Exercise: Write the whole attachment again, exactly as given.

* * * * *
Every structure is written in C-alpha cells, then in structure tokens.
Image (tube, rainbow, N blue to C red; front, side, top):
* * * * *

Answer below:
Every structure is written in C-alpha cells, then in structure tokens.
Image (tube, rainbow, N blue to C red; front, side, top):